Objectives: We sought to assess the difference in a preference-based measure of health among adults reporting maltreatment as a child versus those reporting no maltreatment.
Methods: Using data from a study of adults who reported adverse childhood experiences and current health status, we matched adults who reported childhood maltreatment (n = 2812) to those who reported no childhood maltreatment (n = 3356). Propensity score methods were used to compare the 2 groups. Health-related quality-of-life data (or "utilities") were imputed from the Medical Outcomes Study 36-Item Short Form Health Survey using the Short Form-6D preference-based scoring algorithm.
Results: The combined strata-level effects of maltreatment on Short Form-6D utility was a reduction of 0.028 per year (95% confidence interval=0.022, 0.034; P<.001). All utility losses for the childhood-maltreatment versus no-childhood-maltreatment groups by age group were significantly different: 18-39 years, 0.042; 40-49 years, 0.038; 50-59 years, 0.023; 60-69 years, 0.016; 70 or more years, 0.025.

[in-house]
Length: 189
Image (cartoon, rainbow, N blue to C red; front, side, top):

Conclusions: Persons who experienced childhood maltreatment had significant and sustained losses in health-related quality of life in adulthood relative to persons who did not experience maltreatment. These data are useful for assessing the cost-effectiveness of interventions designed to prevent child maltreatment in terms of cost per quality-adjusted life years saved.